In recent months concern over inflation and the state of the U.S. economy, especially the potential for a recession, has been an ongoing concern. Many, including the Wall Street Journal, have concluded a recession is imminent. It is against this backdrop that President Biden recently signed the Inflation Reduction Act (Act) into law. The legislation invests billions in deficit reduction, assesses new taxes on the wealthy and large companies, and levels the international business landscape for domestic companies. It also increases energy security through energy storage, transmission, and investments to allow renewable energy to be used more efficiently.
Aside from these important goals, the Act includes several new and extended federal tax credits and incentives for certain energy-efficient upgrades and purchases. Most notably, it includes new tax savings for the purchase of electric vehicles. To help clients, prospects, and others, Whipplewood CPAs have provided a summary of the key details below.
- Purchase of New Electric Vehicles – There is an opportunity to receive a tax credit for purchasing new energy-efficient vehicles such as hybrids, electric plug-ins, and more. The federal tax incentive is worth up to $7,500 and is available through 2032. The sticking point could be that not all vehicles will qualify. Only new electric cars less than $55,000 ($80,000 for trucks and SUVs) are eligible, and certain components, like the battery, must be domestically sourced under strict new eligibility requirements. It is important to note that not all taxpayers will be eligible to claim the credit due to income phase-out rules.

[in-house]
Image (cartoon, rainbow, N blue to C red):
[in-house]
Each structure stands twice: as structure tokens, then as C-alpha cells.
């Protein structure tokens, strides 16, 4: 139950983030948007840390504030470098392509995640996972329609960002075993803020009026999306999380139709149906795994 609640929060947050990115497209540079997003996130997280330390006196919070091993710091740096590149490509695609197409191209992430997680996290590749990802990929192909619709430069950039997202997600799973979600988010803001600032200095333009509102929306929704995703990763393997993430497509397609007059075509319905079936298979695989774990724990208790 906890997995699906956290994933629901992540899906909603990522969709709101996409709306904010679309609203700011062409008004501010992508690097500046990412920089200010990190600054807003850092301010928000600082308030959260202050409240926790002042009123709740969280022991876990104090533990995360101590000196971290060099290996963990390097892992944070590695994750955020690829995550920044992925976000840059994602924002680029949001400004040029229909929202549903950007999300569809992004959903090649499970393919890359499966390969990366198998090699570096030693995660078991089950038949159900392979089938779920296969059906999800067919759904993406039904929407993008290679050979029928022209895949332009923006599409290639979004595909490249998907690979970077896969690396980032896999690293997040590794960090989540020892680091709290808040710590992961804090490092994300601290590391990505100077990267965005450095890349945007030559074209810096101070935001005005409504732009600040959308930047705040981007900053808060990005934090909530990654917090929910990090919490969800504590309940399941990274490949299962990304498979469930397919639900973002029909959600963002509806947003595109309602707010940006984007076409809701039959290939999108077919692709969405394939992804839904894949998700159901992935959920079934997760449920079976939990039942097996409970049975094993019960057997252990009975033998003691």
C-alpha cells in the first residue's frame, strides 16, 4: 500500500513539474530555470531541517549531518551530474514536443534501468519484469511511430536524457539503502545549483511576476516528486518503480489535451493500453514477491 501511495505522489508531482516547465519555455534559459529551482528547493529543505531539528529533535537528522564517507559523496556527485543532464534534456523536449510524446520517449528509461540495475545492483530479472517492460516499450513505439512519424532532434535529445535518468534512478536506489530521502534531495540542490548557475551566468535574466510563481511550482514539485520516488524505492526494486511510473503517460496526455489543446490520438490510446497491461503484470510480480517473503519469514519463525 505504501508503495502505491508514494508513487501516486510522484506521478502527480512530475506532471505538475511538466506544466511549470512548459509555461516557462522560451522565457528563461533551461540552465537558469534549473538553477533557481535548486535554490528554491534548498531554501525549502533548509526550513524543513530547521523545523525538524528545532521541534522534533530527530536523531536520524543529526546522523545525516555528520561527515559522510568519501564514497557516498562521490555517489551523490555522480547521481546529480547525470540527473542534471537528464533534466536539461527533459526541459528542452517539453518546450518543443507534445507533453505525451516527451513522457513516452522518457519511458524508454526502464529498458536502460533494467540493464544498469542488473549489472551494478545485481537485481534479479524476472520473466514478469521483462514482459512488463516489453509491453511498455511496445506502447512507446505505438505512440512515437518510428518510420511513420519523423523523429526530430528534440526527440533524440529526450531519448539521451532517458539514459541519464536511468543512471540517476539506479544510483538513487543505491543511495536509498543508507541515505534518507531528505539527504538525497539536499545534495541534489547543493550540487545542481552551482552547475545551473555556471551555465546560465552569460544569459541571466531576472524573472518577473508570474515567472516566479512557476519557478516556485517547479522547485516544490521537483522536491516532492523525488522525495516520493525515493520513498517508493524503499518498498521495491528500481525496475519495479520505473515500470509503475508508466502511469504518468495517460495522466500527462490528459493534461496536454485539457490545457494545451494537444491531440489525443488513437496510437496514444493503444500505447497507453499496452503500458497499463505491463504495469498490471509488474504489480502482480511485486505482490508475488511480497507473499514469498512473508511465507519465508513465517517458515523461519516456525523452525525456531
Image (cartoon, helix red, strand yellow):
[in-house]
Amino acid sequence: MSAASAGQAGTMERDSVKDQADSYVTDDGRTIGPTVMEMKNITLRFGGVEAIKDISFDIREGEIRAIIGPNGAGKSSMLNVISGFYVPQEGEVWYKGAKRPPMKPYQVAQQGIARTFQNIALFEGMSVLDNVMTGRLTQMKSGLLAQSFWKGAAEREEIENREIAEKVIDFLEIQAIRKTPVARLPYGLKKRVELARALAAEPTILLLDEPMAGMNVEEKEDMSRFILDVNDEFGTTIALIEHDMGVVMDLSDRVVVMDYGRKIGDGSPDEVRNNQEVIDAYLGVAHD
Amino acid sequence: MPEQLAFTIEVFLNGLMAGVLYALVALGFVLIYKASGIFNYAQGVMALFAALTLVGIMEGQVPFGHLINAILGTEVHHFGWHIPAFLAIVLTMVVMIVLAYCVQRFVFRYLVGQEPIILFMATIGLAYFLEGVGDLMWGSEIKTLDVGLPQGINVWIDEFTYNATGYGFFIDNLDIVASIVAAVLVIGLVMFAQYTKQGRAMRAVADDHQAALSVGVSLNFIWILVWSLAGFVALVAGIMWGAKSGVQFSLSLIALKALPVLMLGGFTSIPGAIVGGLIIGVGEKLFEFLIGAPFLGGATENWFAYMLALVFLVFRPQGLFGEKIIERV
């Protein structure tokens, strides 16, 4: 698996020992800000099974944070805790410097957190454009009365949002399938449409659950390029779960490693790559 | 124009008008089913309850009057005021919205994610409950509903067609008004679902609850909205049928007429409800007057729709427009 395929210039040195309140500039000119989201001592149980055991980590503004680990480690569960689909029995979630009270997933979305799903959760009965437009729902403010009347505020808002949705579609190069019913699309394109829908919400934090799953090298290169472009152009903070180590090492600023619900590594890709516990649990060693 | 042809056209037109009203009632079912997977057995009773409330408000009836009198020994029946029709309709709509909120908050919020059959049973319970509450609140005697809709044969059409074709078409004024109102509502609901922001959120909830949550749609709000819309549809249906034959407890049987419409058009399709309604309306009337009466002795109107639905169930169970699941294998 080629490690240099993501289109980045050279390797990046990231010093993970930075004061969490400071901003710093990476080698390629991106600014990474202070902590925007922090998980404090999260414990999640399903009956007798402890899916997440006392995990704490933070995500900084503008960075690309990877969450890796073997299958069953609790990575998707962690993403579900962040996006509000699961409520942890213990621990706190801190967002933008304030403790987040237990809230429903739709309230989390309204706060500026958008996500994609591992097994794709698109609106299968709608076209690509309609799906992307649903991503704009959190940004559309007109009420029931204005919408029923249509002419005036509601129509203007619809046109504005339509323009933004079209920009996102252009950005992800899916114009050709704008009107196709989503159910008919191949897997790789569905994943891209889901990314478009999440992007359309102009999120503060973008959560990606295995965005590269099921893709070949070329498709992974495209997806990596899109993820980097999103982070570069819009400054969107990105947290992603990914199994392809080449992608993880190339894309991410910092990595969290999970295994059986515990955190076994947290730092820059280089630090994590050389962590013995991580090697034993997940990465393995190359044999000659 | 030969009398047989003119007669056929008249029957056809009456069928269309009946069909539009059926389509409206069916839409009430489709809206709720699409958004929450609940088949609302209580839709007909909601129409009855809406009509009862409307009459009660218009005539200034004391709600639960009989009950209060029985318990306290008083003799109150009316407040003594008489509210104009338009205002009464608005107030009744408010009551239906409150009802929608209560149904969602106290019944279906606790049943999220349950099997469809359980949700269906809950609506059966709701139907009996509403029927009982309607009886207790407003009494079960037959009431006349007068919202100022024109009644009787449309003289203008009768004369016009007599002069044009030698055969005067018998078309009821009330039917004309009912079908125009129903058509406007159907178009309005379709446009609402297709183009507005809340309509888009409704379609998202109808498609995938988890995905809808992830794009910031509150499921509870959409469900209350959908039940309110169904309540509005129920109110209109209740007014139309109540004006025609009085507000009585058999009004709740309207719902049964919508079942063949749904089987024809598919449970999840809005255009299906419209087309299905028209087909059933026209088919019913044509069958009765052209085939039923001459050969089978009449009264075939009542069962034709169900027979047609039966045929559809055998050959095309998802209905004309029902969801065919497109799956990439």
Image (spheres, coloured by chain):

- Purchase of Used Electric Vehicles – There is also a credit available for purchasing used electric vehicles. Eligible buyers can receive a credit of $4,000 or 30% of the sales price, whichever is less. There are important limits to consider. The vehicle cost may not exceed $25,000, the model must be at least two years old, and the credit can only be claimed once every three years. It is important to note that not all taxpayers will be eligible to claim the credit due to income phase-out rules.
- Energy Efficient Home Improvement Credit Extension – This Act extended this credit, providing Denver homeowners a 30% federal tax credit for completing certain energy efficiency projects such as installing energy-efficient windows and doors or new heat pumps. The credit maximum is $1,200 per year for typical projects but is increased to $2,000 for installing certain stoves and boilers.
- Residential Clean Energy Credit– An incentive extended and enhanced by the Act is the credit available for the installation of clean energy systems. Perhaps the most common example is the installation of solar panels. There is now a 30% federal tax credit available for eligible installations. It is important to note the credit’s value will fall to 26% in 2033 and 22% by 2034. It is worth noting the credit can now be claimed on battery systems that store excess renewable energy, a benefit that was not part of the prior regulations.
The Inflation Reduction Act opens the door to new and extended energy-efficient tax savings. This is especially true of the changes impacting the purchase of electric vehicles. If you have questions about the information outlined above or need assistance with a tax or accounting issue, Whipplewood CPAs can help. For additional information, call 303-989-7600 or click here to contact us. We look forward to speaking with you soon.